Home > Turkmen Rugs >Ancient Saryk MC
and its progenitor PartVII
Fri, Dec 24th, 2010 09:54:09 AM
Topic: Ancient Saryk MC
and its progenitor PartVII

To begin where we left off we decided to show the V&A textile again because it is such a key piece to understand the iconography of not only certain Turkmen rugs but other types as well.

Perhaps one day RK will spend some effort to demonstrate why we believe its iconography is so important but for now let’s get down and finish what we started in this discussion.

RK trusts, after what we have written, our belief the Saryk MC and the Anatolian fragment are related, and closely so, is now shared by some, if not most, of our readers.

And although we could continue to substantiate this we believe it would be overkill for those who already accept it and a waste of our time for those who don’t.

When we began this exercise we mentioned presenting a “novel concept” concerning Turkmen gol, as well as how we felt it could reaffirm part of Moshkova’s now basically repudiated theories.

We must state before we continue what follows is only presented as well-informed opinion; it is not fact, nor are we 100 percent sure it is, in its entirety, correct.

However and that said, we do believe certain premise, if not the whole, will as time goes on prove to be valid.

The first premise* is one that can proven through proper scientific analysis while the others we list are art historical analysis and not scientifically provable.

1.* As we have already stated, we believe the Anatolian fragment above is a Turkmen rug made in Anatolia soon after Turkmen weavers arrived, circa 14th century.

2. In many respects it’s a fascinating survivor and perhaps the most remarkable is that both gol it displays have the same outline/shape, an octagon, but different interior treatments.

3. That outline/shape, an octagon, is repeated in many later Turkmen gol -- the Gulli-gol and the Tauk Naska as well as the far more rarely seen Timurchin. It is also suggested/implied in all others(more about this keep reading)

4. RK knows of no other early, pre-1800, Turkmen carpet with this type of gol setup; one with a single gol with two entirely different interiors.

5. The fact the interior of one is exactly like a Memling gol and the other has a substantial number of elements found in the Timurchin has lead us to the idea this fragment is the earliest known “Turkmen” rug ancestor.

6. Also we believe, as stated earlier, because it shares so many parallel with the Saryk Timurchin MC it is the ancient archetype.

If these premise prove correct the following conclusion, which is our novel concept, might as well.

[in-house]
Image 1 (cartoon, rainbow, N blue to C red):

1. Originally all Turkmen gol, which are today considered emblems of group identity, had the same octagon outline, like the Gulli-gol or the ones on the Anatolian fragment.

2. It was the interior of this universal gol that displayed each group’s specific emblem and identification, not the gol itself as we believe today.

3. It was from this scheme the multitude of historic period and later Turkmen gol and their static, rote interiors developed.

That’s the novel concept, one that is extremely logical as in almost every instance in human history we can think of it’s the center that carries the message and not the edge or outline.

It has also become apparent to us the progressive proliferation of gol, plus the myriad of ancillary motif, in later weavings was not the case in the earliest archetype examples we have identified.

What does this have to do with Moshkova and her ideas?

After reading her work it is clear the idea of live versus dead gol was an important and central part of her theorizing. Was she correct but for the wrong reasons?

Could the Anatolian fragment’s Memling iconography move, from within the interior of the octagon to become the gol we now recognize, signify it became a dead gol like those Moshkova posited?

And could the fact a gol like the Timurchin, which kept its octagonal outline and complex interior, signify it remained a live one?

Could this be the reason there are so few Timurchin gol rugs, and only in the Saryk clan? And could it explain the myriad of groups using the memling gol?

RK believes this explain why every Turkmen gol is either an octagon or suggests it developed from one? Here are several types of gol where we show the suggested octagon.

three early gol numbered to show the suggested/implied octagon outlines

This also explains why the earliest forms of each gol are rounder and get progressively less so as they continued to be woven by later weavers.

According to our novel concept this gradual compression happened because later weavers, of dead gol, did not know the original gol had octagonal outlines.

Moshkova’s concept of live and dead gol always seemed quite valid to us but we found her explanation for it wanting to say the least.

Our novel gol concept, if it is correct, adds that missing logic. And the more we analyze it, the more we believe it is correct.

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